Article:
Most action films do the mistake of placing the action in the foreground, the storyline in the middle-ground and the major minor and side characters barely visible in the background. “Salt” is different in that character development comes first and everything else ties up neatly around Angelina Jolie’s Evelyn Salt, a role she was born to play.
The best of action films are always about human beings who over the course of the picture undergo change. Linda Hamilton’s Sarah Connor in “Terminator 2: Judgment Day”, Robert De Niro’s Neil McCauley in “Heat”, Jason Bourne in the Bourne trilogy and now Angelina Jolie as Evelyn Salt are not one dimensional characters labeled as either hero or villain before the opening credits start. Instead, we are treated with characters that change for the better or worse throughout the shocking and devastating events surrounding them. The stories of the previously mentioned films are all based on the emotional and physical development of well thought out characters rather than the other way around.
“Salt” revolves around a government agent who suddenly becomes the main suspect of an upcoming assassination confirmed by a captured Russian spy. Even though the story clearly pays tribute to Cold War paranoia films of the 60’s and 70’s, it is not outdated but rather fresh considering Muslims have dominated the bad boy club for far too long. Vassily Orlov (Daniel Olbrychski) also accuses the soon to be on the run agent of being a Russian spy. According to director Phillip Noyce, the Russian mole within a US-government-agency hysteria still exists and most CIA agents believe that high ranking Russians still lurk within the agency. This fear of what is or is not there usually drives people into a paranoid state of mind and it never heals completely. This is probably what initially attracted the director to the project.
Like with Jason Bourne, we are constantly trying to figure out who the main spy is, and the character’s sure to be interesting background. However, unlike the Bourne films, Salt is not out there chasing her identity but knows exactly who she is and on which side she’s on. The audience is left clueless and in desperation. This makes “Salt” more of a cross genre in that it’s both a non-stop intense action film, and a thrilling mystery with a “North By Northwest” like fugitive touch at the center. I found myself constantly fearing the dark secrets meant to be revealed by plot twist and turns. You won’t be sitting on the edge of your seat; you’ll more likely slide off the edge and question whether you want to sit back up in fear that you won’t be able to handle the truth.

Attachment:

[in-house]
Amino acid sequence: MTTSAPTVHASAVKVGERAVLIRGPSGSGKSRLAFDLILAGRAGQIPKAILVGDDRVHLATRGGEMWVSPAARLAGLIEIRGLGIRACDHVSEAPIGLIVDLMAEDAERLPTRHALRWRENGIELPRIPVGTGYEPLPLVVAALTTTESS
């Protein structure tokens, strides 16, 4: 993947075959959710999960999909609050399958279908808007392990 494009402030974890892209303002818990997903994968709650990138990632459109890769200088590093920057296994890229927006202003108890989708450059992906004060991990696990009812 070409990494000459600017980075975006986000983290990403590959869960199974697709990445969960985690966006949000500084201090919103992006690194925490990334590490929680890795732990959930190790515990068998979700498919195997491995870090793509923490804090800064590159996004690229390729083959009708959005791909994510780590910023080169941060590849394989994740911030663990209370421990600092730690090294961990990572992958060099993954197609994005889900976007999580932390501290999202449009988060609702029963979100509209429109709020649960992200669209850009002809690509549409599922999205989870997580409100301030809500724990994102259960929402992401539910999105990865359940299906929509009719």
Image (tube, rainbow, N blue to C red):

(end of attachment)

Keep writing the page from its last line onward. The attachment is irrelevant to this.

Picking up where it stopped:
Noyce was spot-on in not exploiting Angelina Jolie’s sex symbol image. He chose to display her as a tough gritty explosive hand to hand bone-breaking combat weapon and surprisingly the result is a female spy unlike any other. Not since Ingrid Bergman as Alicia Huberman in Alfred Hitchcock’s “Notorious” has espionage looked so good and felt so human.
The most interesting relationship is not the clichéd bond between a clueless husband and wife but between Salt and her partner Ted Winter played by the very talented and underrated Liev Schreiber. To reveal more is unnecessary for your viewing pleasure but play close attention to how much of their chemistry adds to the strength of the overall experience. By the end of the gripping final scene, one thing is for sure you’ll be counting the days till director Noyce passes us more salt.